Home Photo Tips How to Photograph the Solar Eclipse

How to Photograph the Solar Eclipse

The Great American Total Solar Eclipse

On Monday, August 21, 2017, people living in the continental United States will have an opportunity to view and photograph the first Solar Eclipse since 1979. If you miss out, you’ll have to wait until 2024. There are predictions this eclipse may be one of the most photographed astronomical events in human history. No matter where you live in the United States, it’s bound to be an unforgettable experience. There are 14 states in the path of what is being called the Great American Total Solar Eclipse of 2017. The path of the total eclipse will be approximately 100 miles wide.

NASA‘s Goddard Space Flight Center Scientific Visualization Studio created an awesome video of the eclipse’s path across the United States.

Use a Tripod

When photographing an eclipse, we strongly recommend using support to avoid camera shake and unwanted blurring. We also recommend using a telephoto lenses (which can be difficult to hold steady). If you’re in the path of totality where the sun is blocked out, you will be taking photos in the dark, so a tripod is essential. Be prepared to occasionally change the position. Using a tripod will reduce camera movement during the eclipse and will improve the quality of your photographs.

Use a Telephoto Lens

Ideally, you should use a 200mm to 300mm telephoto lens. Using lenses under 200mm will produce a very small image of the eclipsed sun. However, a longer focal length lens will produce larger images of the sun and may record stunning details you simply cannot capture with a smaller lens.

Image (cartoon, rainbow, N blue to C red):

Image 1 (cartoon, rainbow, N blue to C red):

Because this is a once-in-a-lifetime event, it makes sense bracket your exposures so you get the perfect shot. Try bracketing your exposures over a range of shutter speeds. If your camera is equipped with an automatic exposure bracketing. use it to bracket your shots.

Using Solar Filters

Use a Solar Filter (not an ND filter)

There are sigificant differences between Solar Filters and Neutral Density (ND) filter. There are recent articles suggesting the use of a neutral density filters(s) to photograph the eclipse. To avoid damage potential damage to your camera, you should ONLY use a properly designated solar filter because these are designed specifically for viewing the sun.

Solar Filters protect your eyes and camera from invisible Infrared Radiation (IR) and from Ultraviolet (UV) radiation. Stay away from jury rigging homemade filters using a Neutral Density filter and a polarizer. Unless you’re in the direct path for the solar eclipse, plan on taking photos of the partial phase of a solar eclipse using a solar filter.

The most common style is the Circular screw-on filter. Square filters are also popular and use a threaded filter holder that attaches to the front of the lens. These attachments can hold one or more square filters.

Remote Shutter Release

When the eclipse starts and it gets dark, you’ll need to use a slower shutter speed. Yu need to use a tripod and you should try and trigger your shutter remotely prevent camera shake and image blur. You can use a manual cable release, electronic release, or see if there is a mobile app for your camera. Or, use a timer release set to 2 seconds.


NEVER, EVER, EVER look directly or point your camera at a partial solar eclipse without wearing proper eye protection or a solar filter. Looking at the sun during a partial eclipse can cause serious eye damage or blindness (or damage your camera). We recommend using ISO compliant products that filter out 99.99% of visible light.

Total Solar Eclipse videos

Photographing the Total Solar Eclipse from Hudson Henry & BorrowLenses

 Solar Eclipse Photography with Stan Honda

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